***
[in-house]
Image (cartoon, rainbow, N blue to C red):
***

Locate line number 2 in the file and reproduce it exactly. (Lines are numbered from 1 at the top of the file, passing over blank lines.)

Image (cartoon, rainbow, N blue to C red):